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Sleeping Positions - The best and the worst

Sleeping Positions - The best and the worst

We spend approximately one third of our life in bed, with our sleeping position greatly impacting the quality of our sleep. Considering the positive influence good quality sleep has on our health and lifestyle, any advantage for a good night's sleep should be warmly welcomed. Poor sleep is associated with serious health complaints such as neck and shoulder pain, fatigue and sleep apnoea. It has also been linked with string of lesser complaints including: muscular cramp, decreased circulation, headaches and digestive problems to name a few. If you are experiencing any of these symptoms, depending how you sleep, a simple adjustment to your sleeping position may result a dramatic improvement to your overall wellbeing.


Essential to a good sleep position is correct neck and spinal alignment; properly maintained by a supportive mattress, topper and pillow to evenly disperse body weight and minimise pressure points. Discover how our most common sleeping positons can impact our bodies and sleep quality.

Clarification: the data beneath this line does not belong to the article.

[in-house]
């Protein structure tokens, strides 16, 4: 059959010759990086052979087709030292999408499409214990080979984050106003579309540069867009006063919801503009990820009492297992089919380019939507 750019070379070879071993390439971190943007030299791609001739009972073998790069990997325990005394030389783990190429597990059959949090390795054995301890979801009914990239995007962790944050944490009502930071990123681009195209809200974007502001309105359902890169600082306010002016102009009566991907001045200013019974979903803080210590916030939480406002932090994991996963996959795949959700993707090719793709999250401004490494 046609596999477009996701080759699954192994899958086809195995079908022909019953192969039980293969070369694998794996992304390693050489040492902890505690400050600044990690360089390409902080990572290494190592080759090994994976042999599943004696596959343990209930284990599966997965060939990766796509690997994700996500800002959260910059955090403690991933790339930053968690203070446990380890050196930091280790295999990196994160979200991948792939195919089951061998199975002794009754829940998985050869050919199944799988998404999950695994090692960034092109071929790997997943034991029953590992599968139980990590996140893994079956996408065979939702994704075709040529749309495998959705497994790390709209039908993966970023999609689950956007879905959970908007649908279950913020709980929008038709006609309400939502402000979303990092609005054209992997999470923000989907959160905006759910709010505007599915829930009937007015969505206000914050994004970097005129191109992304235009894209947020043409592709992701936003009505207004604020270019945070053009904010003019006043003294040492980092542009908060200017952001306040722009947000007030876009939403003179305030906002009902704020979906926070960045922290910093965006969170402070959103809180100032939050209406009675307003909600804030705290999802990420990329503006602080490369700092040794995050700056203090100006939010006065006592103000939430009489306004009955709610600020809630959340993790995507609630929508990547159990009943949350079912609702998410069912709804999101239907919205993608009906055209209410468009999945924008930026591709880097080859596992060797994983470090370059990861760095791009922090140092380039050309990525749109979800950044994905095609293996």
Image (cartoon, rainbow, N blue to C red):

Front sleeping - this is deemed the worst sleeping position as it is difficult to maintain good spinal alignment and places extra pressure on the lower spine. Front sleepers generally sleep with their neck twisted to one side for long periods, their body weight pushing down on limbs and organs. As a result they may wake recurrently, experiencing joint and muscle pain or tingling nerves and numbness associated with poor circulation.


Side sleeping - like front sleepers, side sleepers are unlikely to snore as these positons are both good for keeping the airways open. Generally more comfortable than sleeping on your back, side sleeping keeps the pelvis level alleviating lumbar issues, provided you maintain a relatively straight pose. An extreme foetal curl upsets the natural curve of the spine putting unnecessary pressure on joints and organs.


Back sleeping - despite being an unpopular position (favoured by only 8% of us) frequently resulting in an increased incidence of snoring, this is deemed the best way to sleep. Sleeping on your back allows the neck and spine to maintain a neutral alignment with even weight distribution to assist with reducing pressure points.